New Delhi, March 11:
The Indian Air Force is ready to raise its second Rafale squadron at Hasimara in West Bengal next month in line with its original induction plan for the French-origin fighters, people familiar with the developments said on Thursday. The second squadron will be raised in mid-April after the first one has been fully raised in Ambala, said one of the officials cited above.
India ordered 36 warplanes from France (equivalent of two squadrons) in September 2016 for ₹59,000 crore under a government-to-government deal. IAF’s Ambala-based Golden Arrows Squadron has already inducted 11 Rafale jets so far. Both Rafale squadrons will have 18 jets each.
“Ten more jets are expected to arrive in India from France by April-end. With this, the first squadron will be fully formed and the raising of the second squadron will begin,” said a second official.
All the 36 planes are likely to join the IAF’s fighter fleet by the year-end. The 11 Rafales inducted so far have arrived in three batches from France.
“Located in the crucial Siliguri corridor, the Hasimara airbase will cover both central and eastern Tibet. The Rafale will augment and add a bigger punch along with the IAF’s Su-30 MKIs which are already based in the Brahmaputra valley,” said Air Marshal Anil Chopra (retd), director general, Centre for Air Power Studies.
The IAF has operated the fighter jets in the Ladakh theatre where the military is on high alert amid a border standoff with China and where both sides are negotiating disengagement of troops at friction points along the contested Line of Actual Control (LAC).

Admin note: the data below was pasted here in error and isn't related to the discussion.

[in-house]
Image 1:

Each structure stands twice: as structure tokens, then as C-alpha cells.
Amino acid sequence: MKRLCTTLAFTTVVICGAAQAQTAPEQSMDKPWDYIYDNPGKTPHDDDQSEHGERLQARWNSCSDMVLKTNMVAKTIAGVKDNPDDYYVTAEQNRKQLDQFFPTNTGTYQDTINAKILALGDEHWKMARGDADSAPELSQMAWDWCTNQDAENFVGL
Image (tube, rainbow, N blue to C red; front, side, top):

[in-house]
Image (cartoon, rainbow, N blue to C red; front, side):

India’s Rafale jets are equipped with modern weapons such as the Meteor beyond visual range air-to-air missiles, Mica multi-mission air-to-air missiles, Scalp deep-strike cruise missiles and the Hammer smart weapon.
India-specific enhancements on the jets include cold engine start capability to operate from high-altitude bases such as Leh, radar warning receivers, flight data recorders with storage for 10 hours of data, infrared search and track systems, jammers and towed decoys to ward off incoming missiles.
The twin-engine jet is capable of carrying out a variety of missions – ground and sea attack, air defence and air superiority, reconnaissance and nuclear strike deterrence. It can carry more than nine tonnes of weapons on as many as 14 hard points.
Meanwhile, the commanding officer of the Rafale squadron at Ambala, Group Captain Harkirat Singh, is being posted to the eastern sector to oversee the raising and operationalisation of the second squadron, people familiar with development said.